The symbol of the Mediterranean Games consists of three rings representing Asia, Africa and Europe, the three continents involved in this competition. The rings dissolve in a wavy line in their lower part, as if they were immersed in the Mediterranean Sea. During the closing ceremony, the flag is transferred to the country of the city chosen to host the next Mediterranean Games.
No inland city has ever hosted the games. All but one of the host cities to date have been situated on the Mediterranean coast (Casablanca is located on the Atlantic coast).
|No||Year||Host City||Opened by||Nations||Competitors||Sports||Events||Top Country On|
|8||1979||Split||Josip Broz Tito||14||2009||399||2408||26||192||Yugoslavia|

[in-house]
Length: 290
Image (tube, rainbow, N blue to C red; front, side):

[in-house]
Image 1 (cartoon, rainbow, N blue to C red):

|13||1997||Bari||Oscar Luigi Scalfaro||21||2195||804||2999||27||234||Italy|
|14||2001||Tunis||Zine El Abidine Ben Ali||23||2002||1039||3041||23||230||France|
|15||2005||Almería||Juan Carlos I||21||2134||1080||3214||27||258||Italy|
|17||2013||Mersin||Recep Tayyip Erdoğan||24||1994||1070||3064||27||264||Italy|
|19||2022||Oran||Abdelmadjid Tebboune (expected)||26||Future Event|
All-time medal table
|15||United Arab Republic||23||21||30||74|
|19||Bosnia and Herzegovina||4||8||19||31|
- Yugoslavia competed in 1997 and 2001 as FR Yugoslavia.
- Serbia competed in 2005 as Serbia and Montenegro.
Throughout the history of the Mediterranean Games, 33 different sports have been presented.
- "History of the Mediterranean Games". International Committee of Mediterranean Games. CIJM. Retrieved 21 June 2015.
- εφ. "Αθλητική Ημέρα", Μάιος 1935.
- "Mediterranean Games". gbrathletics.com. Retrieved 21 December 2012.